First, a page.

The municipality is located in the Grand Val (valley of Moutier), but some scattered houses are located on a part of Mont Raimeux.

On 31 December 2009 District de Moutier, the municipality's former district, was dissolved. On the following day, 1 January 2010, it joined the newly created Arrondissement administratif Jura bernois.[5]

Coat of arms[edit]

The blazon of the municipal coat of arms is Per fess Gules and Or a Letter G counterchanged.[6]


Buildings in Grandval

Grandval has a population (as of December 2016) of 387.[2] As of 2010, 5.7% of the population are resident foreign nationals. Over the last 10 years (2001-2011) the population has changed at a rate of -2.9%. Migration accounted for -2.9%, while births and deaths accounted for -0.3%.[7]

Most of the population (as of 2000) speaks French (315 or 85.6%) as their first language, German is the second most common (44 or 12.0%) and Italian is the third (3 or 0.8%). There is 1 person who speaks Romansh.[8]

As of 2008, the population was 49.1% male and 50.9% female. The population was made up of 158 Swiss men (45.1% of the population) and 14 (4.0%) non-Swiss men. There were 172 Swiss women (49.1%) and 6 (1.7%) non-Swiss women.[9] Of the population in the municipality, 104 or about 28.3% were born in Grandval and lived there in 2000. There were 141 or 38.3% who were born in the same canton, while 76 or 20.7% were born somewhere else in Switzerland, and 33 or 9.0% were born outside of Switzerland.[8]

As of 2011, children and teenagers (0–19 years old) make up 17.9% of the population, while adults (20–64 years old) make up 63.2% and seniors (over 64 years old) make up 18.8%.[7]

As of 2000, there were 158 people who were single and never married in the municipality. There were 166 married individuals, 31 widows or widowers and 13 individuals who are divorced.[8]

As of 2010, there were 42 households that consist of only one person and 11 households with five or more people.[10] In 2000, a total of 136 apartments (84.0% of the total) were permanently occupied, while 20 apartments (12.3%) were seasonally occupied and 6 apartments (3.7%) were empty.[11] As of 2010, the construction rate of new housing units was 2.9 new units per 1000 residents.[7] In 2011, single family homes made up 54.0% of the total housing in the municipality.[12]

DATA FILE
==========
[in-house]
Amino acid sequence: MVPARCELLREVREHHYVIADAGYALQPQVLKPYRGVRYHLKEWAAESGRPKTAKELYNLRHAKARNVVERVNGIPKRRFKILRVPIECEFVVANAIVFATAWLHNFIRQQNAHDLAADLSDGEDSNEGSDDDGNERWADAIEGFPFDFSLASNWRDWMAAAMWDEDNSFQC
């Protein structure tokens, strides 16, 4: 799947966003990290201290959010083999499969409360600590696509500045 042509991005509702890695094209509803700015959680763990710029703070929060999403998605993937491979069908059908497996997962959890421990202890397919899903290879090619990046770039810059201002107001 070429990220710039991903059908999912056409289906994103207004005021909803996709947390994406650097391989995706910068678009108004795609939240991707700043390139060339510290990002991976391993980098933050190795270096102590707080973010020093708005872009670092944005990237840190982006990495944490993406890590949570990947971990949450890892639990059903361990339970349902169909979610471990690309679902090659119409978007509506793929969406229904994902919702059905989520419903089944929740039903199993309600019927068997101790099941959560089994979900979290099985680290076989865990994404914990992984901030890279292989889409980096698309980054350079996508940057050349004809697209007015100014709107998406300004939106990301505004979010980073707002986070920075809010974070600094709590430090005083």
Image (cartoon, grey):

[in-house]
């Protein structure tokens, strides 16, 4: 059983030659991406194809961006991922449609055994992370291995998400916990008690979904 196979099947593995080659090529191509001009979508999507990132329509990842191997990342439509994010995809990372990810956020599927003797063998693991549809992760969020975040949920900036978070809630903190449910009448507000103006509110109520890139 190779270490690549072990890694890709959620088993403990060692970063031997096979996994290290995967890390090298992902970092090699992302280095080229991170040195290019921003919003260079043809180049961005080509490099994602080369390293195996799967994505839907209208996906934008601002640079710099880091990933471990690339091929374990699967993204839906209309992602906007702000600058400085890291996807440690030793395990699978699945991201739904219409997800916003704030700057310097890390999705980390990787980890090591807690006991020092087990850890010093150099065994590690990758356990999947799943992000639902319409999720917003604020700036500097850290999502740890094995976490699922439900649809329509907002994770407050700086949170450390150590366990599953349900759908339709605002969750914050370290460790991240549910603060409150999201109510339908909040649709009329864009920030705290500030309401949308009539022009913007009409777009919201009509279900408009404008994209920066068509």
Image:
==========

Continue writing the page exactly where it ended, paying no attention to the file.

The historical population is given in the following chart:[3][13]

Heritage sites of national significance[edit]

The Maison du Banneret Wisard in Grandval

The Maison De La Dîme and the Maison du Banneret Wisard are listed as Swiss heritage site of national significance.[14]


In the 2011 federal election the most popular party was the Swiss People's Party (SVP) which received 29.9% of the vote. The next three most popular parties were another local party (18.7%), the Social Democratic Party (SP) (14.9%) and the Green Party (9%). In the federal election, a total of 108 votes were cast, and the voter turnout was 40.3%.[15]


Restaurant Grandval in Grandval village

As of  2011, Grandval had an unemployment rate of 2.23%. As of 2008, there were a total of 92 people employed in the municipality. Of these, there were 22 people employed in the primary economic sector and about 10 businesses involved in this sector. 32 people were employed in the secondary sector and there were 6 businesses in this sector. 38 people were employed in the tertiary sector, with 8 businesses in this sector.[7] There were 188 residents of the municipality who were employed in some capacity, of which females made up 39.9% of the workforce.